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  1. Nancy says:

    Thanks for this post. This is the sort of road map we need going forward.

  2. Ken says:

    Great ideas. How do you get the Republicans to buy into them.

  3. Vicki says:

    This makes a lot of sense. Even Democrats should sign on to this approach. It accomplishes everything they say they are for in a simple and straightforward way. So when the Ds had the cahnce to enact the reforms you are suggesting, why didn’t they?

  4. Joe S. says:

    At least we now have a Speaker of the House who is not an out and out socialist. That should be an enormous change for the better.

  5. Greg Scandlen says:

    I wouldn’t stipulate that 32 million people will be getting coverage, John. In fact, given the numbers who are eligible for, but not enrolled in Medicaid and SCHIP, I would be surprised if even 10 million actually enrolled. Why should they? Even if they sign up they will soon discover (and word gets around fast) that they can’t find a doctor. And these people are immune from penalty since they don’t pay taxes.

  6. Andrew Swan says:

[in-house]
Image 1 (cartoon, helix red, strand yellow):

The best public policies are those that are technologically sounds and democratically favorable. If analysts properly navigated though the social choice theories and democratic elections (which they have), and can still conclude that yesterday’s election was in fact a rebut of the administration’s policies (which it was), then the “technical solutions” of the ACA for Pareto efficiency in health care was not democratically favorable, and in reality not a technical solution to the problem. Professor of Economics Charles Lindblom was known for his theories of Incrementalism, which would suggest that sweeping overhaul is a bad idea, regardless of intent. “According to his view, no single, monolithic elite controls government and society, but rather a series of specialized elites compete and bargain with one another for control. It is this peaceful competition and compromise between elites in politics and the marketplace that drives free-market democracy and allows it to thrive”. Taking into consideration these points in context, Dr. Goodman’s proposed solutions are not only technically sound, but relatively more democratically favorable than the ACA, and could be the “best” course when Pareto efficiency fails.